|9x6 pastel and watercolor|
One of the rules for my memory game is absolutely no cameras can be with me.... too tempting. Only a small notebook or sketch book. I also am now making myself wait for at least 12 hours before I can begin painting. I keep tightening the rules. heh.
John Carlson has an excellent chapter on "Painting from Memory" in his Carlson's Guide to Landscape Painting. I think you will find this thought very interesting. Carlson says,
"I am inclined to believe that all creative work is founded upon our earliest impressions, the time when the eye looked with unclouded freshness and candor upon the world! These impressions (rejecting nothing, passing judgement on nothing, accepting all), after ripening or mellowing with time into a subconscious treasure trove, form the principal wells or founts of inspiration for the grown man (or grown woman). From these we select. We see something that stirs our soul with creative desire, because we recognize or remember subconsciously an old experience.
It is because of this that we may be said to paint or write, or act what we ourselves are in every movement and every thought. What we are is not the result of present experience alone, but the aggregate past. In other words, we see and feel certain things today because we have previously seen them in our most impressionable years. We add this to our present "facility" and organizing faculty, which can only be acquired in mature years. Our visions take form, gathering volume as they move, and they mould themselves, sometimes sublimely, into present expression. The artist himself is often surprised at he finished work of art. He can not tell "how it happened" nor could he repeat the feat at someone's bidding.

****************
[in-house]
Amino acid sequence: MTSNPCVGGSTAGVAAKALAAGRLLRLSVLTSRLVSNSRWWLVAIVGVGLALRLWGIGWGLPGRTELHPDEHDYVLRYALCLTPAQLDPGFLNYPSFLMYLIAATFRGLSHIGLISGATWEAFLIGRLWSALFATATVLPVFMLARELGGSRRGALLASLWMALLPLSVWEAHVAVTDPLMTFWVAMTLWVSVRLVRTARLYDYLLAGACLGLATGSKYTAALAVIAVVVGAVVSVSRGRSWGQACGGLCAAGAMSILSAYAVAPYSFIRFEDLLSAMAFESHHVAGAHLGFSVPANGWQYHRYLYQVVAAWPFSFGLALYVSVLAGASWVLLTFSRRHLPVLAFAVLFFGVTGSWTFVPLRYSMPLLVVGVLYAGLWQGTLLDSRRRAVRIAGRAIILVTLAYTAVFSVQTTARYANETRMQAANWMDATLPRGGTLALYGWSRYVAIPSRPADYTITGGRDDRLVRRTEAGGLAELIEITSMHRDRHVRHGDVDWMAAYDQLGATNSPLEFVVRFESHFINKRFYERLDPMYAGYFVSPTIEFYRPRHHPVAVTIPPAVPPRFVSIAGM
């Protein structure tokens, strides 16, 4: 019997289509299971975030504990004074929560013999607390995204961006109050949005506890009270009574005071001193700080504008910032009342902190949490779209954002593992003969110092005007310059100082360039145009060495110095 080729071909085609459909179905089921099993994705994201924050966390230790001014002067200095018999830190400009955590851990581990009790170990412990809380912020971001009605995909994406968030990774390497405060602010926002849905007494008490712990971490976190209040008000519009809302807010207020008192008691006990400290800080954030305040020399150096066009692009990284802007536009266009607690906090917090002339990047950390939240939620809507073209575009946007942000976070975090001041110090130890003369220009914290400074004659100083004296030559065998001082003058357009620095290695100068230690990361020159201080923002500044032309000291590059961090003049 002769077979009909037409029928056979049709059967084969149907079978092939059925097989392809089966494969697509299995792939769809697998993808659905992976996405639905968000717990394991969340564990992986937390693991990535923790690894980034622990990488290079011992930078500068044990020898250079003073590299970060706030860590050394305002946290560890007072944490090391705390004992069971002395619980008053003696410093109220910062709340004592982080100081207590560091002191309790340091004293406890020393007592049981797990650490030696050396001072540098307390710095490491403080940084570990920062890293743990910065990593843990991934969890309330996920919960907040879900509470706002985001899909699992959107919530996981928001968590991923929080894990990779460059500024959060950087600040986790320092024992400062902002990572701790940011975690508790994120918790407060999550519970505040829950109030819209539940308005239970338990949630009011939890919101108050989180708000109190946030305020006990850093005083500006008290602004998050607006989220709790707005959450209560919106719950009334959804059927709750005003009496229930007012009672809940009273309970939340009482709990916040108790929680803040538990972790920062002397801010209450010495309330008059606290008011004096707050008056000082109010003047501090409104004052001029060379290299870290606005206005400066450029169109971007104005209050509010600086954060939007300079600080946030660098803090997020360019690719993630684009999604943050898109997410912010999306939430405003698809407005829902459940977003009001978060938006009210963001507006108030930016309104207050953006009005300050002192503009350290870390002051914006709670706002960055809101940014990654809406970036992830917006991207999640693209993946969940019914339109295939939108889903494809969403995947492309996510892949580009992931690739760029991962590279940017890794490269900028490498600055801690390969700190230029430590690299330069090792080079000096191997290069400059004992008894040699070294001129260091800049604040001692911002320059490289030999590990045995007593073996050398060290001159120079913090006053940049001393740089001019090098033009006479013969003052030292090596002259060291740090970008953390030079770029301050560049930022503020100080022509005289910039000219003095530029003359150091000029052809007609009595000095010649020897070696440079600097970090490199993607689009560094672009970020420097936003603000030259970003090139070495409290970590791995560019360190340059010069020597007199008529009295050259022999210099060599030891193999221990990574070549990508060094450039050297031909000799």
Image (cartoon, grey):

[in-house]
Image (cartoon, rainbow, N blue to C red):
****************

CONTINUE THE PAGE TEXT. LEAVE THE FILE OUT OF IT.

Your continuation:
It is because the memory revives the dormant and stimulates action, that painting from memory is here so urgently advocated. In painting, the memory will be discovered to be very meagre at first. Difficulty will be found at retaining anything. But with practice the practice will be surprisingly strengthened, not as a mere camera lens, but as a power in discerning the significant factors behind common place experiences.
....As we progress, our work becomes more intensely absorbing. We almost live in a world apart. In memory work we relive our experiences and the effect they have produced on us.
So what do you think of that idea?